- Cost: $12 for a day pass ($10 for Jefferson County residents), $100 for an annual pass ($90 for Jefferson County residents)
- Reservation needed? No, but recommended due to popularity. Call 720-295-9490 to reserve a tee time.
Cross Creek Disc Golf Course (Gypsum)
Located deep in the mountains outside of Gypsum, Cross Creek has a little bit of everything to satisfy the Rocky Mountain player, including water hazards, elevation changes and heavily wooded terrain. The 27-hole layout offers plenty of long shots, most of which you’ll need to navigate through trees, though there are several meadow shots near the end of the course. Expect a challenging round on this course, but beginners shouldn’t be discouraged. Even if you hit a tree or two — or 10 — the hike and scenic views are well worth the trip.
- Cross Creek DGC, 13119 Gypsum Creek Road, Gypsum
- Cost: $15 for a day pass
- Reservation needed? No.
Ghost Town Disc Golf (Central City)
Located at the site of an abandoned gold mining town, this private disc golf course near Central City is a gem for experienced and casual players alike. The course, which features 20 holes, starts with several heavily wooded shot opportunities mapped out along tight boundary lines before opening up to wider shots on the back half. Most holes are fairly short, but what they lack in distance they make up for in technicality. Baskets are sometimes placed among the building relics from the area’s former existence, but don’t hit them — that will not only damage the delicate structures, but also cost you an extra stroke on hole 17.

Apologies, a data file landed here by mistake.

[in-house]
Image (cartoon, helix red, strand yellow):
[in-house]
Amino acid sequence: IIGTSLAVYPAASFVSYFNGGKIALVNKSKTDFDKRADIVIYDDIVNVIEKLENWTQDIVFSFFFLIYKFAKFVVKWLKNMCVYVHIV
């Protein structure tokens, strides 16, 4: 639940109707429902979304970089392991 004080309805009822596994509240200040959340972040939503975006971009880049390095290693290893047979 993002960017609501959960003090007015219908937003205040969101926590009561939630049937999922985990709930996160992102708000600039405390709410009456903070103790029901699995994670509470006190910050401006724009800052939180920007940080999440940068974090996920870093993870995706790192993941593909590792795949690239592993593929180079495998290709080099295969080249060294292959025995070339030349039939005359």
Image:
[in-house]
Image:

- Ghost Town DGC, 190 Russell Gulch Road, Central City
- Cost: $10 for a day pass, $5 for walkers and kids
- Reservation needed? Yes; call 303-582-3083 to reserve a tee time.
Double Cabin Disc Golf Course (Telluride)
There are plenty of reasons to visit the oft-ranked best mountain town in Colorado, but the 18-hole disc golf course in the neighboring Mountain Village is a must for enthusiasts. Located on the ski run for which it’s named, players throw uphill on the front nine before making an about-face and throwing downhill on the back nine. Prepare yourself for a hike, as this course climbs a steep 350 feet in elevation. Those up for the adventure are rewarded with panoramic views of the San Juan Mountains and wide open shots where they can really let one sail. Use caution, though, as the course shares the space with mountain bikers and hikers. While you’re there, take a gondola ride between Mountain Village and Telluride for more vistas.
- Double Cabin DGC, 470 Mountain Village Blvd., Mountain Village
- Cost: Free
- Reservation needed? No.
Wondervu Disc Golf Course (Golden)
Nestled on a mountaintop in Coal Creek Canyon, Wondervu is a cleverly mapped private course with ample natural amenities. Thick tree cover persists throughout the 19-hole course, save for a few tee pads where you can see other mountain peaks jutting out of the horizon. Foliage has been cleared from most of the fairways, making the course both amateur-friendly and inventive. And owners say new holes will be added soon. Expect significant elevation changes, especially on the back nine, which will have you hiking up and down from hole to hole. Wondervu is also home to an annual tournament called Discs-n-Dabs, in which teams register for a cannabis-friendly weekend campout and competition. This year’s event is slated for Sept. 3-6.
- Wondervu DGC, 136 Camp Eden Road, Golden
- Cost: $10 for a day pass, $80 for a season pass
- Reservation needed? Yes; reserve a tee time at facebook.com/highaltitudediscgolf/.